Ghost in the Wires: My Adventures as the World’s Most Wanted Hacker
Ghost in the Wires – Kevin Mitnick was the most elusive computer break-in artist in history. He accessed computers and networks at the world’s biggest companies-and however fast the authorities were, Mitnick was faster, sprinting through phone switches, computer systems, and cellular networks. He spent years skipping through cyberspace, always three steps ahead and labeled unstoppable. But for Kevin, hacking wasn’t just about technological feats-it was an old fashioned confidence game that required guile and deception to trick the unwitting out of valuable information.
Driven by a powerful urge to accomplish the impossible, Mitnick bypassed security systems and blazed into major organizations including Motorola, Sun Microsystems, and Pacific Bell. But as the FBI’s net began to tighten, Kevin went on the run, engaging in an increasingly sophisticated cat-and-mouse game that led through false identities, a host of cities, plenty of close shaves, and to an ultimate showdown with the feds, who would stop at nothing to bring him down.
Ghost in the Wires is a thrilling true story of intrigue, suspense, and unbelievable escape and a portrait of a visionary whose creativity, skills, and persistence forced the authorities to rethink the way they pursued him, inspiring ripples that brought permanent changes in the way people and companies protect their most sensitive information.
Book Review by K
Nail-biter from Cover to Cover
I remember the news stories, I remember the whole “Free Kevin” movement on the web, I remember reading about his release in newspapers and online magazines. It’s awesome to read about these events, now, from his perspective.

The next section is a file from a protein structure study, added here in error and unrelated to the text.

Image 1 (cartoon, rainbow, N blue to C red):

I’ve read several of the negative comments written about this book, and I don’t understand why these people read the book in the first place. They talk about not being able to sympathize, they judge Mitnick for taking advantage of people, they hate Mitnick for the way he exploited his mother and grandmother, they talk bad because they can’t understand what drove Mitnick to continue to break into systems, they are irritated because of his cocky attitude. In my opinion, those reviews are more emotional than objective.
In common with the people who wrote negative reviews, I too felt bad for his mother, grandmother, friends, him, and everyone he ever used for his criminal activities. I too felt that he had plenty of opportunities to stop and get away clean. I too rolled my eyes when I read about how much smarter he was than everyone else, especially towards the end b/c it’d been ongoing throughout the book. But it’s Kevin Mitnick – the social engineer hacker king – Interaction w/ people and mind-screwing most of them is expected, as is the manipulation of relationships in his favor!
My 5 stars because:
I like (auto)biographies, I am an IT professional, I enjoy narratives – this book was a perfect read for me. I could hardly put it down. It only took me a couple of weeks to read (light reading in evenings and heavier on weekends).
I was hooked from the beginning – opening word by Apple co-founder Steve Wozniak. The book contains a few jaw-dropping moments as Mitnick explains how he infiltrated organizations and systems. It was engaging from cover to cover – reading of how he evaded capture, how he ran counter surveillance on the FBI, how he changed identities, and a whole lot more.
You’ll enjoy this book if you:
– are an IT professional
– prefer reading crime-drama novels, autobiographies, or fugitive/on-the-run type novels
– can handle a subject without hating the subjects (can you appreciate genius in a person regardless of how they use their ability?)